MARTINEZ, Calif. - Contra Costa County's health department is investigating the emission of coke dust at the Martinez Refining Company on Friday, meanwhile neighbors to the refinery are frustrated.
According to the Contra Costa County Health Department, they were alerted to the release of coke dust at the refinery on Friday morning, which had the potential to impact nearby neighborhoods. Coke dust is a byproduct of the petroleum refining process and it has spouted from the refinery on previous occasions.
Contra Costa Health said the release of the coke dust ceased about half an hour after it began, and a hazmat team was dispatched to the refinery to investigate.
The refinery confirmed the incident, but noted that the release of coke dust was brief. The refinery stated that it commenced around 10:30 a.m. when equipment was opened for maintenance, saying in a statement, "We issued a Community Warning System Level 1 notification, and our refinery personnel are conducting community monitoring. We have also notified appropriate agencies and apologize for any inconvenience this may have caused our neighbors."
The Bay Area Air Quality Management District said in a statement that inspectors patrolling the neighborhood did not find any visible dust.
CCH also said there’s no immediate public health concern or risk of exposure to toxins, but neighbors there aren’t buying it.
"My chest was a little tight today, I’m coughing in the kitchen," said neighbor Heidi Taylor.
This is the third release of dust in 12 months, with one of those releases launching an FBI and EPA investigation. In November 2022, the dust released by the same refinery included toxic heavy metals which were exposed to residents breathing in dust particles in the initial days after the release. Residents were told not to eat vegetables grown outside and wear masks when cleaning the dust, which contained "spent-catalyst."
After Friday morning's release, a complaint was received by the Air District at 10:52 am alleging smoke observed at approximately 10:37 am, which is before the refinery formally reported the release.
"They tell us they have it under control, and that they’re going to be good neighbors and they’re sorry for the things that have happened in the past then why does it keep happening," said Taylor, who helped found the community group Healthy Martinez.
"After we all spoke at the city council meeting, we came together and realized we aren’t going to stand for this, so we started Healthy Martinez," she said. "Living in this current environment not knowing what’s being dumped on us exactly, not knowing what the effect is on my health, my animals, my property, I’m sick of it."
Neighbors shared photos with KTVU of dust particles on their plants following Friday's coke dust release.
Martinez resident Cady Masterman’s husband provided KTVU with a photo seemingly showing black dust on her child’s stroller.
"An MRC representative and a Contra Costa HazMat representative came to our house and said the dust is carbon, non-toxic. Either way, I’m going to scrub the stroller as if it’s dangerous. This is reminiscent of last November’s heavy metal release," said Masterman.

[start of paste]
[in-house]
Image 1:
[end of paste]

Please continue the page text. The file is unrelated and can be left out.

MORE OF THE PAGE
"There are dust particles here," said Joey Piscitelli, who inspected his tomato garden.
Piscitelli has been vocal, attending city council meetings and demanding officials look into the long term affects of the dust.
"One toxic dust release isn’t the problem, it’s the cumulative effect, which they’re dodging," he said.
Healthy Martinez told KTVU in a statement, "The refinery produces nearly a ton of emissions daily, and a spent catalyst release last Thanksgiving sent another 20-24 tons of toxic dust into the community. Local advocates from Healthy Martinez have urged MRC to come into compliance with Bay Area Quality Management Rule 6-5 and implement a wet gas scrubber, something that could eliminate emissions by up to 70 percent. The Contra Costa Health Department is currently investigating the release and has yet to issue cleaning instructions for the petcoke dust."
Contra Costa Health said the primary health risk from the chemical release in November would have happened in the first few days, when people were breathing in dust particles. During investigations, the health department hired a toxicologist to test the soil, who confiemed there is no increased risk from exposure to hazardous metals in the soil.
KTVU asked officials at the refinery whether they have protocols in place to avoid any more releases of the dust. They did not immediately respond.
"If you’re running a refinery and putting that amount of toxic dust in the air, if you’re that irresponsible you shouldn’t be in business at all," said Piscitelli.
CCH said the refinery will not be doing any more maintenance today, so officials believe community events on Friday can proceed as planned, including Alhambra High School's homecoming football game and parade.
CCH and the Air District are continuing to investigate. The refinery must supply a 72-hour report to CCH.
Taylor told KTVU Martinez Mayor Brianne Zorn will have a meeting with the Martinez Refining Company and members of Healthy Martinez later this month.